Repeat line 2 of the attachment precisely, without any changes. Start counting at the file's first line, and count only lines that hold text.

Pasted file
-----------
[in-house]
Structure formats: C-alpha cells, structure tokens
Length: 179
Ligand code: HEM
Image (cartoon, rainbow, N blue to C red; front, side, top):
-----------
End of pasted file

Structure formats: C-alpha cells, structure tokens